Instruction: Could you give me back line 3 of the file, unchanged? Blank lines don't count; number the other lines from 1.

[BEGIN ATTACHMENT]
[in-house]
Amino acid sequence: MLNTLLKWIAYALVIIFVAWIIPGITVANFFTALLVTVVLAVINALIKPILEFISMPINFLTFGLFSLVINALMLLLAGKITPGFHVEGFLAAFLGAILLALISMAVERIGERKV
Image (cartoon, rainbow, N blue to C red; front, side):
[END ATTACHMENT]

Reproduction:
Image (cartoon, rainbow, N blue to C red; front, side):